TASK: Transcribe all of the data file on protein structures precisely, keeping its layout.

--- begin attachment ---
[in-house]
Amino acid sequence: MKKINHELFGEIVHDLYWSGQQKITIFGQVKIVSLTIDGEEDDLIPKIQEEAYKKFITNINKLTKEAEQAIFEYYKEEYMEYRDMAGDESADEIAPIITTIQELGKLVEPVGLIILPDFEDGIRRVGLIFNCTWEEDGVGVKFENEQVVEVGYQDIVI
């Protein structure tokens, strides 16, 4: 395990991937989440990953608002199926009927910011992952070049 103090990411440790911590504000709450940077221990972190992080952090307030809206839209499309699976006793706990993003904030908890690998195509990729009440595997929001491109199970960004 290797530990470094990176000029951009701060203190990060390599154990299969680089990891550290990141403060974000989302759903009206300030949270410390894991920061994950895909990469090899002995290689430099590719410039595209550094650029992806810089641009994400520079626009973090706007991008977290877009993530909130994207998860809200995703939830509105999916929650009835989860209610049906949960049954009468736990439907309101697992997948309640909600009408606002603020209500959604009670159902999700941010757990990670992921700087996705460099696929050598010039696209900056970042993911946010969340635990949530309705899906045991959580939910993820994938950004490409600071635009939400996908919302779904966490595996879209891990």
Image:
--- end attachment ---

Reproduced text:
[in-house]
Amino acid sequence: MKKINHELFGEIVHDLYWSGQQKITIFGQVKIVSLTIDGEEDDLIPKIQEEAYKKFITNINKLTKEAEQAIFEYYKEEYMEYRDMAGDESADEIAPIITTIQELGKLVEPVGLIILPDFEDGIRRVGLIFNCTWEEDGVGVKFENEQVVEVGYQDIVI
């Protein structure tokens, strides 16, 4: 395990991937989440990953608002199926009927910011992952070049 103090990411440790911590504000709450940077221990972190992080952090307030809206839209499309699976006793706990993003904030908890690998195509990729009440595997929001491109199970960004 290797530990470094990176000029951009701060203190990060390599154990299969680089990891550290990141403060974000989302759903009206300030949270410390894991920061994950895909990469090899002995290689430099590719410039595209550094650029992806810089641009994400520079626009973090706007991008977290877009993530909130994207998860809200995703939830509105999916929650009835989860209610049906949960049954009468736990439907309101697992997948309640909600009408606002603020209500959604009670159902999700941010757990990670992921700087996705460099696929050598010039696209900056970042993911946010969340635990949530309705899906045991959580939910993820994938950004490409600071635009939400996908919302779904966490595996879209891990």
Image: